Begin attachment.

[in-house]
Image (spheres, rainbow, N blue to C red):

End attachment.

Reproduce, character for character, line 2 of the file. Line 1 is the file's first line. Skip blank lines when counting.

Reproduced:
Image (spheres, rainbow, N blue to C red):